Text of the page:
There are two registries in the models package, one for binary models meant to be used for anomaly detection and another one for multi-classification models to classify the anomalies. Get the constructor for either using the --binary_classifier or --multi_classifier argument specified. E.g. binary_classifier_registry.get_binary_model(params['binary_classifier']).

By extending BaseModel the model is always saved when it fits the data. Load a model by calling its load() method. It will use the params attribute of the BaseModel class to get the experiment id and load its corresponding model.

To save the params of an experiment call the save_params(params) function from the module in the main directory. load_params(params) in case of only using the module for inference.


There are two kinds of reports, black box and white box and a registry for each in the reporting module.

To use them, call the corresponding registry and obtain the report wrapper using black_box_report_registry.get_bb_report('acc'), for example.

To add new reports, see the analogous explanation for models or features below.

Saving results

Among the provided experiments, and save their results creating a dict of column names to lists of results. Then the function from the module is used to save them to a CSV file.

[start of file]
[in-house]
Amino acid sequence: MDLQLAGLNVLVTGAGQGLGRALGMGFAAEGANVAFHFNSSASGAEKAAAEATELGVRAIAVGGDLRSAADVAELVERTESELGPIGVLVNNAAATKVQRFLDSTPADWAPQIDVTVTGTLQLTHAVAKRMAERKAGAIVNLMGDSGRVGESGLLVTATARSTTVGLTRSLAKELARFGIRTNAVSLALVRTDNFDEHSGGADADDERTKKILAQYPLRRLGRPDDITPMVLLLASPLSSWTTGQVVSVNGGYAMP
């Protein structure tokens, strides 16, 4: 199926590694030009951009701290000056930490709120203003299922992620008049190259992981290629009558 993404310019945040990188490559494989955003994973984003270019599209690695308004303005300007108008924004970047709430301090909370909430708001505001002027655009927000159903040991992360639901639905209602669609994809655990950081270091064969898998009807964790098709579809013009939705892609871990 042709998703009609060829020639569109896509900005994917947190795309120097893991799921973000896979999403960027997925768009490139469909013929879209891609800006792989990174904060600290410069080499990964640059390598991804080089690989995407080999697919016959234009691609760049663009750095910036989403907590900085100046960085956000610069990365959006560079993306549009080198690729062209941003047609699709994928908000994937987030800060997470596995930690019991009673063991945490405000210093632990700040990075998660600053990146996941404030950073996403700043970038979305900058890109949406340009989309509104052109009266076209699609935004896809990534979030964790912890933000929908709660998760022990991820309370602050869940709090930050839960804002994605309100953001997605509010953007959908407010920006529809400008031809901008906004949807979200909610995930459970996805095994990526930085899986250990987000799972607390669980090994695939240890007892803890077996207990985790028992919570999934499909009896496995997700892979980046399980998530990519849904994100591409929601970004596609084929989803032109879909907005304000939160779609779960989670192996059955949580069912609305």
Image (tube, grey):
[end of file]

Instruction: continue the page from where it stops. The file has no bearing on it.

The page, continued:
How to add a new model

To add a new model, implement a class that extends the BaseModel class and include its module in the models package. See the class definition for further details.

Decorate a method that calls its constructor and returns an instance of the model with the @register(f"{model_name}")decorator from either the or the modules from the models package depending on whether the model is for anomaly detection or classification respectively.

Finally, make sure you add the module's name in the module from the models package and the model option in the module within the list for either --binary_classifier or multi_classifier arguments. This way the constructor can be obtained by doing binary_classifier_registry.get_binary_model(params['binary_classifier']), for example.

How to extract a new feature

To add a new feature extractor, create a module in the feature_engineering package that wraps your feature extractor function and returns the features. See module as an example for further details.

As in the other cases, decorate the wrapper function with @register(f"{feature_name}") and make sure you add the module name in the from the feature_engineering package and the feature as an option in the module --features argument.

Included Experiments

High level overview of each of the experiments included in the repository.

Testing PULearning is mainly focused on proving the robustness of LogClass for anomaly detection when just providing few labeled data as anomalous.